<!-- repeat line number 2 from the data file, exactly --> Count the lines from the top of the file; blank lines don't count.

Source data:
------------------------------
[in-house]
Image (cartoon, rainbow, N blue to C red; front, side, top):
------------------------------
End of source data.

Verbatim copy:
Image (cartoon, rainbow, N blue to C red; front, side, top):